[31 August 2011 (Ecuador), Panasonic Lumix GH1, 14–45 mm at 14 mm, ISO 400, 1/40 at f8]

All content © 2011 Pete McGregor

15 September 2011

Sea lion, Isabela Is., Galápagos

The sea lions here seem unconcerned by humans, using the wharfs and often the moored boats as hauling-out spots — places they can lounge and sleep. At the fish-cleaning station in Puerto Ayora (Santa Cruz) I've even seen them stretching up and nudging the hip of the person skinning a fish, in much the same way Jimmy (the cat from next door) will reach up and rub against me as I'm standing at the kitchen bench back in the Pohangina Valley.

Fortunately, the resident humans seem just as unconcerned by the sea lions.

[Update: new post up on Pohanginapete]

[10 September 2011, Panasonic Lumix GH1, 100–300 mm at 300 mm, ISO 400, 1/320 at f7.1]  

All content © 2011 Pete McGregor

14 September 2011

Hoatzin [2]

I never tired of seeing hoatzins during the four days of our stay in Cuyabeno Wildlife Reserve.

[31 August 2011 (Ecuador), Panasonic Lumix GH1, 100–300 mm at 300 mm, ISO 400, 1/100 at f5.6. Not as sharp as I'd have liked, but it shows the bird well.]  

All content © 2011 Pete McGregor

12 September 2011

Striated heron, Isabela Is., Galápagos

The status of striated herons and lava herons is disputed, with lava herons sometimes considered a separate species and sometimes just a subspecies or colour morph of the striated heron. Lava herons are found only on the Galápagos Islands, but striated herons are widespread in many countries. This bird, on the coast just west of Puerto Villamil (Isabela Is.) is a striated heron; lava herons have much more uniform colouring. Curiously, it didn't seem interested in the abundant Sally Lightfoot crabs, but whatever it was concentrating on was in big trouble.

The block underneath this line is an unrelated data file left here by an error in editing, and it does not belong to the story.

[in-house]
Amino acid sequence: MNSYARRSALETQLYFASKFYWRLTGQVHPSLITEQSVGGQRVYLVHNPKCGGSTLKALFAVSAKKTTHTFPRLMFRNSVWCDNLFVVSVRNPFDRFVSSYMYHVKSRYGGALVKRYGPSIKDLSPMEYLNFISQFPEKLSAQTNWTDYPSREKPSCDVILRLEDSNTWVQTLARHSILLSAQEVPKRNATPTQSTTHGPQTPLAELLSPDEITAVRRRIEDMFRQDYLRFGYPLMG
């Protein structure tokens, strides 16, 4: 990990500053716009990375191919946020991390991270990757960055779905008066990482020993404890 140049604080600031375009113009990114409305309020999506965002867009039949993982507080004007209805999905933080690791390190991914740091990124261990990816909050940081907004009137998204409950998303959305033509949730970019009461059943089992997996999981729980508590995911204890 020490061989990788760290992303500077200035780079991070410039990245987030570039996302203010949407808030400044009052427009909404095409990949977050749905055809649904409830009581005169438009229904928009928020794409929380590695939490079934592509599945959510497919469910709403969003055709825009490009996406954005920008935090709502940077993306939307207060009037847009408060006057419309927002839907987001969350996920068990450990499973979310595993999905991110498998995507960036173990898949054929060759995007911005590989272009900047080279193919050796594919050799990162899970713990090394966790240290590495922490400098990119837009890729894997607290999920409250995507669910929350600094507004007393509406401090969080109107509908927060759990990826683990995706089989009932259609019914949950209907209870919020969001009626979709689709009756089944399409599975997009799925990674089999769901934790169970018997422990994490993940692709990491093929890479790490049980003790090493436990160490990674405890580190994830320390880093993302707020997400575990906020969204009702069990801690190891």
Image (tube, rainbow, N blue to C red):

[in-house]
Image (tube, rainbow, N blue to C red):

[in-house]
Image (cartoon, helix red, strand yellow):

Life here is very relaxed, with the pattern of weather being rain overnight, easing to showers in the early morning, then turning warm with intermittent sunny periods in the afternoon. (Of course, I've only been here a few days, so I'm making some rather large assumptions based on not much data.) The list of wildlife sightings grows daily, and although a few have been fleeting (just two brief penguin sightings so far), I've been lucky, particularly with the photos — hence the more-frequent-than-anticipated posting. On the other hand, I doubt I'll get to see flightless cormorants because day tours don't visit Fernandina and the western side of Isabela; only the cruise ships visit those places. Food's understandably expensive, although not outrageous, and accommodation ranges from very cheap and good (guess where I'm staying) to better-not-to-ask; the choice is far greater than any of the guide books indicate, and in the off-season (now), I suspect it'd be easy to find somewhere without booking ahead.

That's all for now; more on the way (and a few from previous good times).


[10 September 2011 (Ecuador), Panasonic Lumix GH1, 100–300 mm at 300 mm, ISO 400, 1/640 at f7.1] 

All content © 2011 Pete McGregor

11 September 2011

The refugio on Cotopaxi

The courtyard and rear entrance to the refugio on Cotopaxi, at 4810 m. The refugio sleeps 70 people upstairs; downstairs comprises the kitchen and dining area. I imagine it must be a very welcome sight for climbers returning from higher on the mountain in bad weather.

[27 August 2011 (Ecuador), Panasonic Lumix GH1, 14–45 mm at 14 mm, ISO 200, 1/640 at f11]

All content © 2011 Pete McGregor

10 September 2011

Yellow warbler, Santa Cruz, Galápagos

This little male Yellow (or Mangrove) warbler visited me as I ate pancakes for breakfast at El Chocolate and looked out at the fish-cleaning station where pelicans, lava gulls, a blue-footed booby and a sea lion all lurked hoping for morsels. Although remarkably unafraid, some of the birds, particularly the small, energetic types like this one, can be difficult to photograph — always on the move, always moving just at the point at which one presses the shutter release. Perhaps he took pity on me this time, or maybe he's just a poser.